Retelling The Story Of The Wilmington Ten
Despite court-mandated integration in 1968,the relationship between black and white students grew more hostile in New Hanover County, North Carolina.
In early 1971, a group of black students boycotted and demanded changes in the school system. They faced harassment and eventually violence from white supremacist groups. Law enforcement intervened after the interactions escalated into a fire and a death.
The district attorney fabricated a story and framed 10 protesters, known as the Wilmington Ten, for false charges like arson and conspiracy. The Wilmington Ten were found guilty and spent years in prison, but international backlash and appeals finally overturned the convictions in 1980. They were not pardoned until 2012.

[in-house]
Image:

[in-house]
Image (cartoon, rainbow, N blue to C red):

Host Frank Stasio talks with Kenneth Janken, professor of African, African American and Disapora Studies at UNC-Chapel Hill, who has documented this story in “The Wilmington Ten: Violence, Injustice and the Rise of Black Politics in the 1970s” (UNC Press/2016).
Janken reads from his book on January 21 at 7 p.m. at Quail Ridge Books in Raleigh.
Other North Carolina events include:
- February 17 at 7 p.m. at Johnson C. Smith University in Charlotte
- February 21 at 3 p.m. at the Durham Public Library
- February 26 at 7 p.m. at Pomegranate Books in Wilmington